FEST PACKS A FULL LINEUP
Fringe festivals are, by their very nature, eclectic and unpredictable, and the 24th annual Vancouver International Fringe Festival (September 3 to 14) is no exception. With a lineup of 68 groups giving more than 500 performances, from the Dada-esque to the therapeutic, it’s as likely to move audiences to tears as it is to make them bust a gut laughing.
“We have the most Bring Your Own Venues that we’ve ever had,” notes David Jordan, executive director of the festival, referring to productions that take place not at the festival-supplied main-stage sites, but at 11 other venues around the city.
“We’ve had everything from a bathroom to up in a tree, to an Aquabus [over the years],” Jordan recalls. “It [a BYOV] accommodates those who don’t get in [to the main-stage venues], and it also accommodates those who might have a creative idea for where they want to do their show.”
Lest you think that BYOVs offer less notable performers than the main-stage shows, remember that main-stage slots are awarded through a lottery system, which means traditional Fringe favourites TJ Dawe (Totem Figures at Havana, September 4 to 7, 9, and 11 to 13) and Monster Theatre (The Shakespeare Show at Havana, September 5 to 8, and 11 to 13) have, through the luck of the draw, ended up at BYOVs, says Jordan.
Meanwhile, audiences won’t have to travel far between main-stage venues, because they’re all concentrated on Granville Island this year. “A big part of our festival is being able to walk from venue to venue, being able to go to the bar between shows, being able to decide to go see another show on the spur of the moment,” says Jordan.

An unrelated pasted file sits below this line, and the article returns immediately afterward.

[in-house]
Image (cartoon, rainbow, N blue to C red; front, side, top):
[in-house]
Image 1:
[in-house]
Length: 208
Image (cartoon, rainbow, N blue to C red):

ALL THAT JAZZ
Despite Fringe offerings being all over the map, there is a bit of a theme emerging, according to Jordan: “There’s a real off-Broadway musical thing going on this year.”
These include Burnaby’s Wide Eyed Productions’ staging of Gutenberg! The Musical! (Granville Island Stage, September 4, 6, 10, 13, and 14), which is not, incidentally, about where-is-he-now ’80s actor Steve Guttenberg, but about Johann Gutenberg, inventor of the printing press. “It’s all tongue-in-cheek stuff, and they really play up the fact that there’s only two of them on-stage,” says Jordan.
Taking self-referential humour to the extreme is The Musical of Musicals: the Musical! (Carousel Theatre, September 4 to 7, and 10 to 14), staged by Vancouver’s Fighting Chance Productions, which encompasses five musicals, all with the same plot, each done in the style of a different famous Broadway composer.
There’s also Oy Calcutta! (Granville Island Stage, September 4, 5, 7, 11, and 14), a musical comedy set in India, from Salt Spring Island’s Peace in Our Time Productions, and, on the more serious side, The Last Gig of Lenny Breau (Agro Café, September 4 to 10, and 12 to 14), described by its Victoria-based creator, Attunement Productions, as a “film noir musical” about one of the world’s best, and least-known, guitarists.
ONES TO WATCH
Much of the fun of the Fringe comes from taking chances on random little-known acts, but there are a few shows that have been generating buzz at Fringe fests in other cities.
Australian Euro-punk parody act Die Roten Punkte (The Red Dots) (Performance Works, September 5 to 8, 11, and 12) was one of last year’s most popular shows, while Spiral Dive (Granville Island Stage, September 7, 9, and 12 to 14), by Edmonton’s THEATrePUBLIC, received five-star reviews in Winnipeg and Edmonton for its story of a Canadian fighter pilot in 1943 England.
U.K.–based Spaniard Ricardo Garcia has been topping critics’ picks with his flamenco guitar and dance shows since 2006, so his Flamenco Flamenco! (Waterfront Theatre, September 5 to 8, 11, and 12) production is a must-see for dance aficionados.